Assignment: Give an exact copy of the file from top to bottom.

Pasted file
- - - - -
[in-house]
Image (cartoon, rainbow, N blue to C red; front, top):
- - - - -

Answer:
[in-house]
Image (cartoon, rainbow, N blue to C red; front, top):